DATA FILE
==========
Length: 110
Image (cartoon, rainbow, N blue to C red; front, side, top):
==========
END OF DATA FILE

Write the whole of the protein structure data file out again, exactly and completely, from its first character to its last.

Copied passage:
Length: 110
Image (cartoon, rainbow, N blue to C red; front, side, top):